Ask these 9 questions about annuities. Are you considering an annuity?

Common Questions to ask about annuities

As you start your research about annuities as a form of retirement protection, many questions come up. Here are 9 common questions to ask about annuities before you even think of buying one.

1. When Should I Buy an Annuity?

The most common time to buy an annuity is sometime after age 50, usually around age 60. In fact, many financial planners do not recommend buying an annuity until you’re over 60, with a few exceptions like protecting a large windfall or leveraging the money while you invest in other high-risk options like stocks.

2. Are Annuities Right for Everyone?

The short answer is no. Some people will not benefit from an annuity. Anyone who doesn’t expect to live a long life probably isn’t a good candidate for an annuity. The idea of an annuity is to provide a lifelong, guaranteed income that is safe. Because it’s a more reliable way to provide lifelong retirement income, it’s less profitable than other types of investments. In fact, most people don’t consider an annuity an investment but rather, a contract with an insurance carrier. Such as an insurance policy.

3. What Happens to My Annuity When I Die?

It depends on your contract. However, you can tell your agent at the time of purchase that you want to protect your spouse or another loved one with your annuity if you die. They will let you know how this works and if there are additional costs or considerations.

4. Can I Sell My Annuity Contract?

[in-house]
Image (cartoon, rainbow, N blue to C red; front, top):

You can, but you won’t end up making any money off the deal if you do. Sometimes people do sell their contracts to get a lump sum payment that they can use for something like cancer treatments. However, this is a poor use of an annuity no matter what the salesperson tries to tell you.

5. Will my Beneficiary Have to Pay Income Taxes if They Collect on My Annuity after Death?

Yes. While you may or may not pay income taxes on your payments received (depending on your contract), all the money your beneficiary receives will be taxed as ordinary income.

Some common fees are mortality and expenses, administrative fees, surrender charges, and investment management fees. There may be other fees than this, so be sure to ask before you sign. In fact, try focusing on the total amount of the fees rather than each individual fee so you can keep it straight.

7. Do I Pay a Penalty for Early Withdrawals?

Yes. In some cases, you cannot withdraw money at all. Most annuity contracts allow you a 10% early withdrawal per year, before paying any surrender charge fees. You need to pay attention to your contract. Make sure you have emergency funds and other savings to access if you need it. An annuity is not available money for you to spend, and it is costly to use it other than for your regular payments.

8. When Can I Start Collecting Payments?

Depending on your contract, you will collect payments when it states, but, in most cases, you cannot start collecting until you’re 59.5 years old to avoid the 10% early withdrawal penalty from the IRS on Qualified Money. Some might be later if you bought it later.

9. Where Do I Buy an Annuity?

To sell annuities, an agent needs to be licensed to sell life insurance in your state. An independent agent can give you quotes and shop the market for the best annuities available at the time you are ready to purchase an annuity contract.

If you think of other questions about annuities, make sure you get the answers to your questions before you buy. Try writing down your questions before talking to an agent about buying an annuity. That way, you won’t forget anything that you need to ask to make an intelligent choice.

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